By Clint Thompson
The current labor crisis sweeping through the United States provides another spotlight on the problem in the agricultural industry. Veronica Nigh, economist with American Farm Bureau Federation (AFBF), discusses the issue.
“I think what’s likely to cause more action is maybe the fact that it’s not just Ag that’s having trouble with wage growth right now. When you look at year-over-year growth, you’re looking at wage rates across the economy. They are 11% to 12% higher in the same month from the previous year. Twelve percent growth in a year is dramatic wage growth,” Nigh said.
“When Ag (leaders) in the past have told lawmakers this is a problem, we can’t sustain this, it sounds like it’s just an Ag problem. The response that we got was, ‘Just pay people more.’ Now that we’re seeing this super tight labor market throughout the economy and you get different elements of business saying, ‘I can’t find people. We’ve increased wages 12%, and I still can’t find people.’ I think that adds some additional gravitas to our arguments, honestly. It’s not just an Ag problem.”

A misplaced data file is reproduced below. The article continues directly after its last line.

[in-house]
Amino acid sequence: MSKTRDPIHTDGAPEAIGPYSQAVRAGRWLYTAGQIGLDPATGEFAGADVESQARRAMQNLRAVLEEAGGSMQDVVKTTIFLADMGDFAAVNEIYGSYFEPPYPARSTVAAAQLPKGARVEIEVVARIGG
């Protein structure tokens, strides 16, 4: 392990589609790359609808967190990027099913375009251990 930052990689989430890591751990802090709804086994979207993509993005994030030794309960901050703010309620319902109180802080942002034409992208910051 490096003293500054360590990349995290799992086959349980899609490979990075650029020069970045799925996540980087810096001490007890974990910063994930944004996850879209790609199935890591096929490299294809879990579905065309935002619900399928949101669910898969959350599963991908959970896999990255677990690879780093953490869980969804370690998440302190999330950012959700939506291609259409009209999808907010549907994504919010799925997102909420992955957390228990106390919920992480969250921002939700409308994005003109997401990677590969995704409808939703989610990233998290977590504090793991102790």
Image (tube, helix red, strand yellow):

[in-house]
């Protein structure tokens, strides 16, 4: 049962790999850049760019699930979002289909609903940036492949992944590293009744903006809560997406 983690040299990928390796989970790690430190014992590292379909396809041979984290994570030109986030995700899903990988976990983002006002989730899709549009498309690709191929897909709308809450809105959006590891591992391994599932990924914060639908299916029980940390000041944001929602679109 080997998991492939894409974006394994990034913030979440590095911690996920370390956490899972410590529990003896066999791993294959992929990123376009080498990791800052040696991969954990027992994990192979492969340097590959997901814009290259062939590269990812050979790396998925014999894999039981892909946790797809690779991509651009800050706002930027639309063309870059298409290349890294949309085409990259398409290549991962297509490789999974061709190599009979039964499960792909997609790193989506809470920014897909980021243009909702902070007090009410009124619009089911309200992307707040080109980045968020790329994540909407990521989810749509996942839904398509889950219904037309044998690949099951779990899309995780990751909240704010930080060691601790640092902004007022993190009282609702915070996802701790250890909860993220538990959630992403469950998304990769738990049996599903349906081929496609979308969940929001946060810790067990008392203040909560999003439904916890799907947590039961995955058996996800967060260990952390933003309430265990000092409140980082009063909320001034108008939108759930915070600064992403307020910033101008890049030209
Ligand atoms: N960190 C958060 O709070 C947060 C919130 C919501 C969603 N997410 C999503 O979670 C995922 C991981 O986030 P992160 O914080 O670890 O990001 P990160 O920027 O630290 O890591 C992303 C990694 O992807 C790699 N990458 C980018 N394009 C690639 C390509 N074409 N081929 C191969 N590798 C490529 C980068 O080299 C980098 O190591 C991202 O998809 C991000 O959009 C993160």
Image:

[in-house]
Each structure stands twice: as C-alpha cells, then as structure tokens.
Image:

Total non-farm payroll employment rose by 390,000 in May, and the unemployment rate remained at 3.6%, according to the U.S. Bureau of Labor Statistics. The number of long-term unemployed (those jobless for 27 weeks or more) dropped to 1.4 million, though it is still 235,000 higher than February 2020 preceding the COVID-19 outbreak.
Labor costs have risen significantly in recent years. Allison Crittenden, Director of Congressional Relations at the American Farm Bureau Federation, said in March 2021, the national average for the Adverse Effect Wage Rate increased by 20% in the previous five years. Florida’s hourly rate was $12.08, while Georgia and Alabama were$11.81. That’s not counting additional costs for housing and transportation.
“I think what will be critical is how we leverage the current situation to prove to lawmakers that we need some actual reform. It’s not our growers who are doing something wrong in how they run their business. That has been the default from a lot of lawmakers,” Nigh said.